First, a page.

Guilderland resident Karen White said she, like Barber, was concerned about water, and even drought with the lack of snow this winter.

She complained that the recent proposal by New York Oncology Hematology to build a $55 million regional cancer center next to Crossgates Mall did not go through the process followed by some much smaller projects, starting with a preliminary Development Planning Committee meeting.

“It just seems very selective and that troubles me,” said White, “because I think, if you’re going to be really transparent … everybody should go through the same hoops.”

Baber responded that meeting with various department heads at a Development Planning Committee meeting is voluntary for applicants.

“If you’re an applicant and you want to get the benefit of hearing the town comments from town staff, you can come, but you’re not required to do it.”

He also noted that the Pyramid-owned property where NYOH plans to build its cancer center had already been through the State Environmental Quality Review Process.

“It was already determined that was within that allowed use,” said Barber.

He added later that the Development Planning Committee meetings are open to the public, to which White responded, “Clearly there was work done behind the scenes on this.”

“But that may be just conversations they had with Ken or Jackie,” Barber said of the town’s planner Kenneth Kovalchik, and with Jacqueline Coons, Guilderland’s chief building and zoning inspector.

“That’s just administrative review, processing an application,” said Barber.

“It doesn’t seem very transparent,” said White “because, if we’re concerned about water and sewer,  … they’re just kind of working behind the scenes, and then the public doesn’t find out really what the story is.”

Patricia McCarthy, who said she has lived in Westmer for 49 years, declared that traffic is “bad all around” and is “only going to get worse adding in the 700 cars for Costco, the 600 for the cancer facility.”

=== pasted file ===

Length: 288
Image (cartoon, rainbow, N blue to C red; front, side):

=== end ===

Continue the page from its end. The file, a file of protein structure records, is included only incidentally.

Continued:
She called for a moratorium on larger building proposals until the comprehensive plan is finalized.

This should be in place, she said, “until you can tell the residents of Guilderland, particularly Westmere, how the additional traffic is not going to have a negative impact on us, our properties, and our quality of life.”

Citing all the apartments that are being built, she concluded, “And, as far as water goes, I probably shouldn’t say this, but I’m going to continue watering my lawn.”

More Guilderland News

  • In a Jan. 25 memo to the town board, Jacqueline Coons, Guilderland’s chief building and zoning inspector, wrote that, in allowing single-family or two-family dwellings to be occupied on a transient basis, “It seems appropriate that the use be regulated differently than commercial hotel/motel occupancies as it is a less intense use and as such could be compatible with locations that may not be zoned a commercial district.”

  • GUILDERLAND — On Sunday evening, a car leaving the Northway on the ramp to Crossgates Mall careen

  • “The Guilderland Public Library does not condone discrimination, harassment, or racism in any form, has policies in place that prevent and prohibit such behavior, and will immediately investigate these allegations,” said the library’s interim director, Nathaniel Heyer, in a statement the day after the café closed.